Author Topic: Lab Power Supply Design Part 5  (Read 43949 times)

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Online firewalker

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Re: Lab Power Supply Design Part 5
« Reply #125 on: January 08, 2012, 09:59:26 am »
Dave you are going to use plain C right? gcc?

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Offline Nick Gammon

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Re: Lab Power Supply Design Part 5
« Reply #126 on: January 08, 2012, 10:24:14 am »
Dave said here it was going to be Arduino compatible (reply #117):

https://www.eevblog.com/forum/index.php?topic=5787.msg79946#msg79946

If he uses the Arduino IDE then it is going to be compiled with avr-gcc, which supports both C and C++.

There is no particular reason to "downgrade" to plain C.

C++ lets you use classes like the Print class to make displaying things easier (like, numbers). However the internal libraries are in a mix of C and C++.
 

Online firewalker

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Re: Lab Power Supply Design Part 5
« Reply #127 on: January 08, 2012, 10:40:09 am »
I believe that plain C is much better/beautiful/portable/cleaner/understandable (at least for engineers) than Arduino's  "C" version. As far the easy printing you could always play with stdio's FILE stream and use printf.

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Re: Lab Power Supply Design Part 5
« Reply #128 on: January 08, 2012, 11:04:08 am »
Dave, I have another question about protecting the LT3080, which you may have shown now is not necessary, but I was interested to understand it.

Rather than trying to introduce various fat diodes to shunt away any voltage applied back into the output from a charging battery or something similar, could you not introduce a forward-biased diode into the output of the LT3080,  before the VSense signal? That way, the diode drop is inside the feedback loop. Would the feedback loop performance suffer? Yes, it loses us 3/4 volt, but that would not bother me...

It may be a problem, the only way would be to try it, and I don't really wish to spend even more time doing that and refining this and that, I want to get something out the door before hell freezes over  ;D

Dave.
 

Offline Armin_Balija

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Re: Lab Power Supply Design Part 5
« Reply #129 on: January 08, 2012, 02:35:42 pm »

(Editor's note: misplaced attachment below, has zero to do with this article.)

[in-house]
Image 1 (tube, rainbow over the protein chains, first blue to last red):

Dave, I have another question about protecting the LT3080, which you may have shown now is not necessary, but I was interested to understand it.

Rather than trying to introduce various fat diodes to shunt away any voltage applied back into the output from a charging battery or something similar, could you not introduce a forward-biased diode into the output of the LT3080,  before the VSense signal? That way, the diode drop is inside the feedback loop. Would the feedback loop performance suffer? Yes, it loses us 3/4 volt, but that would not bother me...

It may be a problem, the only way would be to try it, and I don't really wish to spend even more time doing that and refining this and that, I want to get something out the door before hell freezes over  ;D

Dave.

Does that mean we'll be seeing a kit?! :D
 

Offline shebu18

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Re: Lab Power Supply Design Part 5
« Reply #130 on: January 08, 2012, 04:58:44 pm »
I believe that plain C is much better/beautiful/portable/cleaner/understandable (at least for engineers) than Arduino's  "C" version. As far the easy printing you could always play with stdio's FILE stream and use printf.

Alexander.


It depends on what you know better. For me the arduino C is easier to understand and i fly over it and know what it does. C is stiil something like "what the h*** is thes,....and this,...and..."(still learning)
 

Offline JohnnyG

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Re: Lab Power Supply Design Part 5
« Reply #131 on: January 08, 2012, 05:16:26 pm »
Hello,

Novice question: Is there any reason this couldn't be done with through hole?

I know Dave wanted this to be done with SMD, but if I wanted to do this with through-hole/protoboard, would there be any special considerations?

Thanks!

(PS sorry if this isn't the appropriate thread... I'm pretty new here)
 

Offline shebu18

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Re: Lab Power Supply Design Part 5
« Reply #132 on: January 08, 2012, 05:22:39 pm »
Hello,

Novice question: Is there any reason this couldn't be done with through hole?

I know Dave wanted this to be done with SMD, but if I wanted to do this with through-hole/protoboard, would there be any special considerations?

Thanks!

(PS sorry if this isn't the appropriate thread... I'm pretty new here)
Dave wanted this to be done as a KIT so only through-hole components, as less SMD's as possible.
 

Online Rerouter